But, even though I had next to nothing to go on and no idea how to move forward, I was determined to figure out what it was that had forced its way into the lives of me and my friends. Then, maybe, I could figure out how to stop it from happening in the future.

Hopefully, that day would come soon but, knowing that my breakthrough wasn’t going to come that morning before school, I shoved the oversized textbook into my bag and headed downstairs to eat.

As I reached the bottom of the stairs, I heard a few muted clinks and clangs travelling through the halls and, as the smell of scrambled eggs hit my nose, realized they were coming from the kitchen.

Sure enough, when I turned the corner and made my way through the wide doorway, I was hit with a thin blast of steam, and saw my dad standing in front of the stove, a pot of boiling water in front of him as he flipped a large omelet out of his frying pan and onto a blue plate set on the counter, where two others already sat, ready to be eaten. I walked to his side.

“There’s omelets, if you want some,” he said, pointing behind his shoulder and wiping some sweat off of his brow with his sleeve. Without waiting for my response, he checked to make sure the water to his left was actually boiling, before dropping a few uncracked eggs into the pot–apparently he was on an egg kick, for some reason.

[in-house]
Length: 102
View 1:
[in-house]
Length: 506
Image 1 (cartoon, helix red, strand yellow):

“Thanks,” I said, pulling a small plate from behind the faded door of the cupboard and picking one up. “What kind?”

“Just cheese,” he said, cracking a small egg and proceeding to prepare it, this time over-easy. I knew he liked eggs but, even for him, this was getting a little out of control. “I didn’t feel like making anything fancy.”

I nodded, sprinkling some pepper onto the top of my omelet and cutting it up with the side of my fork. “Where’s mom?”

“Still asleep. She had a long night.”

“Ah.” He didn’t need to say anymore–my mom spends a lot of time grading papers and getting lessons ready, and her sleep schedule often takes a hit, because of it. I took a bite of my eggs, burning the roof of my mouth a little. “These are good.”